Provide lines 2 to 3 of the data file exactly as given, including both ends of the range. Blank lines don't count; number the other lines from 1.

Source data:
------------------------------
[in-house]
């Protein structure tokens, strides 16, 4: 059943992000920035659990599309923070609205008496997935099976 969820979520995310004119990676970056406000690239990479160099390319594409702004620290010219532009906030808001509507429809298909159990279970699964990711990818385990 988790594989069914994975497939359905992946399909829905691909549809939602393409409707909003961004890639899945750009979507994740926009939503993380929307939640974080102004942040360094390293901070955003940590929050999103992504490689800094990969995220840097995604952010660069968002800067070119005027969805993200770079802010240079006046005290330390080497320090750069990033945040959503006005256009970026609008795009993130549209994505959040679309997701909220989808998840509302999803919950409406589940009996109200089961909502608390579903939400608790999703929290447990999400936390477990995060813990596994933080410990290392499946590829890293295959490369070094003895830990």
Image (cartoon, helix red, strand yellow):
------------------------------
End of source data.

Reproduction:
């Protein structure tokens, strides 16, 4: 059943992000920035659990599309923070609205008496997935099976 969820979520995310004119990676970056406000690239990479160099390319594409702004620290010219532009906030808001509507429809298909159990279970699964990711990818385990 988790594989069914994975497939359905992946399909829905691909549809939602393409409707909003961004890639899945750009979507994740926009939503993380929307939640974080102004942040360094390293901070955003940590929050999103992504490689800094990969995220840097995604952010660069968002800067070119005027969805993200770079802010240079006046005290330390080497320090750069990033945040959503006005256009970026609008795009993130549209994505959040679309997701909220989808998840509302999803919950409406589940009996109200089961909502608390579903939400608790999703929290447990999400936390477990995060813990596994933080410990290392499946590829890293295959490369070094003895830990």
Image (cartoon, helix red, strand yellow):